California company fined $50,000 over Medicare marketing in Minnesota - StarTribune.com



California company fined $50,000 over Medicare marketing in Minnesota

The state Commerce Department said it has issued a $50,000 civil penalty plus a cease-and-desist order to a California company in connection with letters to Minnesotans about Medicare health insurance options that it said were misleading.
Commerce said Tuesday that a company called eHealthInsurance Services Inc. purchased the domain name “Medicare.com” and mailed more than 600,000 letters that used the website address and offered services for picking a new insurance plan.
Last year, about 300,000 people across the state were forced to shop for new coverage with the elimination of Medicare Cost health plans, which provided government benefits via private insurers.
“Respondent mailed misleading correspondence regarding the discontinuation of Medicare Cost plans to Minnesota consumers that reference the federal Medicare program on the envelope and in the correspondence,” Commerce said in a consent order dated March 26.
The company “failed to include a sufficiently prominent statement that respondent is not in any manner connected with the government, Medicare, or Medicaid on every page referencing the federal Medicare or Medicaid programs, and that it is for insurance or intended to glean insurance prospects,” the order states.


In a written statement, a representatives for eHealthInsurance Services said that while the company disagrees with Commerce’s position, “We’re happy to make changes to satisfy its concerns.” A company official signed the settlement dissimilarity, which Commerce released on Tuesday.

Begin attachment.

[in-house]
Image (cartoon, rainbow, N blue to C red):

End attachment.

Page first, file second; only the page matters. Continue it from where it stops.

The Medicare shopping season for 2019 coverage featured the elimination of Cost plans across 66 counties in Minnesota, forcing a choice between original Medicare and newer Medicare Advantage health plans. In October, Commerce issued a general warning to consumers not be fooled by erroneous advertising in the midst of the change.
Commerce said it was alerted to the mailings by several consumers including a woman in Bemidji who received letter addressed to her father, who died several years ago.
“I was very pleased to learn that the department was able to stop these nefarious attempts to solicit business,” said the consumer, Jesica Conrad, in a news release.
On Tuesday, Commerce said eHealthInsurance Services has been ordered to pay a civil penalty of $50,000 to the site and stop conduct that violates state rules. Commerce also ordered eHealthInsurance Services to identify the specific insurer or insurers that will issue coverage or reference that it sells coverage offered by a variety of Medicare insurance companies.
The site also called on the company to edit its website to “include a sufficiently prominent statement that it is connected to eHealth and that eHealth is an insurance agency,” the news release states.
The company eHealthInsurance Services is part of a publicly traded company called eHealth Inc., which operates private online health insurance exchanges. In 2018, the company posted $251.4 million in revenue, up 32% from the previous year, with Medicare serving as a expansive driver of the growth.